In Act 1 Scene 4 Lear is informed by one of his Knights that “Since my young lady’s going into France, sir, / the fool hath much pined away. ” This introduces a physical link between the Fool and Cordelia as we notice how one appears as the other leaves. In his final words, the Fool says, “And I’ll go to bed at noon”, suggesting he is preparing to hang himself: noon being the highest point in the sky for the sun in the sky, and the time at which Elizabethan hangings took place, and this being at the highest point in the Fool’s life, with his friends at peace.
The connection of the words has significant meaning, for at the end of the play Cordelia is hanged, linking her to the Fool’s parting words and reinforcing the double role of the two characters. The Fool is noticeably absent for the remainder of the play after his proclamation while Cordelia is reinstated as a character. Cordelia, in disguise as the Fool, may have predicted or spoken a foreshadowing of her own demise before returning to her former physical self and dying as she envisioned.
Cordelia as the Fool would also have meant that she was the one giving him advice all throughout the play, chiding his foolishness and plaguing him with the irony of his selfish actions, committed against her, to make him realise his wrongdoing. Her disguise would make more sense in the way that the Fool spoke and reacted, the androgynous effects of his words would have more meaning and the feminine figure would be reinstalled into Lear’s life. In both Elizabethan and Jacobean productions of King Lear,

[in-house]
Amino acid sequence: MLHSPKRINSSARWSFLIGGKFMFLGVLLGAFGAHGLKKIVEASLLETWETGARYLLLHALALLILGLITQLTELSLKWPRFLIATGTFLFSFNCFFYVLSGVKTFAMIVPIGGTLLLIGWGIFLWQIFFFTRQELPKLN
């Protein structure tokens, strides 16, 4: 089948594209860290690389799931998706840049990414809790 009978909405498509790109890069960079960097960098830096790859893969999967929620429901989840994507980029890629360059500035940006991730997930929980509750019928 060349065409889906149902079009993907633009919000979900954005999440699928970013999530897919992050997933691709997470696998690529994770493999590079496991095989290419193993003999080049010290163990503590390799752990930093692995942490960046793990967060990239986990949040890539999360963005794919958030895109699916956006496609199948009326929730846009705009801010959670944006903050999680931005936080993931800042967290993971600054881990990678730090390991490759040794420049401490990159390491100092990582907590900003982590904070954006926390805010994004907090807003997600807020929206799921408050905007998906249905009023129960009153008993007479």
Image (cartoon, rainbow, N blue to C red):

Cordelia and the Fool were together a dual role although William Dyce argues “The Fool would have been performed by Robert Armin , the regular clown actor of Shakespeare’s company, who is unlikely to have been cast as a tragic heroine” . It seems improbable that a 40 year old man would play a young woman onstage (as women were played by young boys), however, the dual role would allow audiences to see a physical link between the two characters to support the emotional connection.
A skilled Actor would not be employed just to play the part of Cordelia, significantly minor without the input of the Fool’s scenic appearances; Larry Weiss believes that it’s “wasteful for an actor with the skill to play Cordelia to be unemployed for most of the Play? ” This would only be such a waste if the dual role was not employed. The Fool remarks in Act 1 Scene 4: “Do’st know the difference, my boy, between a bitter fool and a sweet one? This can be interpreted as Cordelia, in the guise of the Fool, telling her father she is bitter about being banished, but also asking her father if he knows the difference between love and refusal to flatter. The quote also retains Cordelia’s sharp wit and rebellion against her position as a woman and an inferior to her father. On the heath in Act 3 Scene 4, Edgar is disguised as Tom ‘O’ Bedlam and Kent as Caius in front of Lear. Cordelia dressed as the Fool would complete the fact that those loyal and closest to him have to remain in hiding and make the scene feel more visually absolute.